Hanergy Thin Film shareholders to vote on share swap proposal

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Chinese solar manufacturer Hanergy Thin Film has confirmed it expects its shares to be de-listed from the Hong Kong Stock Exchange on June 11.

The announcement came in an update to the Hong Kong exchange published on Thursday, which again outlined the terms of a proposed privatization of the Hong Kong business by Chinese parent Hanergy Mobile Energy.

Independent shareholders in the Hong Kong-based Hanergy Thin Film Power Group Ltd are being advised to vote through a proposal to transfer their stock into a special purpose vehicle (SPV) which would then become a shareholder in a reconstituted thin film business aiming to gain a listing on China’s A share exchange.

The vote is due to be held at a “court meeting” followed by a special general meeting at the Beijing headquarters of Hanergy Thin Film on May 18, with the court meeting set to start at 10am local time.

The share swap, according to Hanergy Thin Film and its independent financial advisor TC Capital, would offer independent shareholders the opportunity to realize value in a stock which has been suspended from trading in Hong Kong since May 2015. That development came after the revelation the previously rocketing share price had been buoyed by intra-unit deals within the group.

Limit on non-Chinese investors

Hanergy Thin Film cannot simply be relisted in China, say the unit and its parent, because it has too many non-Chinese shareholders. Transferring shares on a one-for-one basis into an SPV which would then become just one of the new business’ investors would overcome that hurdle. Earlier details of the scheme suggested the SPV would become a shareholder in an existing unit elsewhere in the Hanergy group which has enough Chinese investors to get around the limits on overseas shareholders.

The latest announcement from the thin film business and its controlling shareholder – Hanergy Mobile Energy Holding Group Co Ltd – toned down the dire warnings previously made about the consequences of the plan being voted down. Nevertheless, the latest statement indicated takeover rules would dictate that if the plan fails, the parent company would be severely restricted from making any further offers to take the company private within 12 months. With the thin film unit’s share set to be de-listed on June 11, the implications for shareholders left with stock are all too clear.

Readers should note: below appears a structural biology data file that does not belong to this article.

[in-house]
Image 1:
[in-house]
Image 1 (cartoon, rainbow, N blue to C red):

Both companies say the new Hanergy Thin Film business could be expected to gain a listing in China within six months of the result of the vote being announced, on May 19.

In a carrot to independent shareholders wary of the company’s former shortcomings, a description of Hanergy Thin Film’s current state says the business has “reduced significantly the connected transactions with the controlling shareholder, Hanergy Mobile, and its related companies”.

When the intent to take the company private before relisting it in China was first announced, Hanergy Mobile said the plan involved a “cash purchase or stock replacement” scheme valuing Thin Film shares at no less than HK$5 (US$0.64) each. It was only when the thin film business asked for more details of the cash element of the proposed plan that it emerged the scheme would consist entirely of a share swap.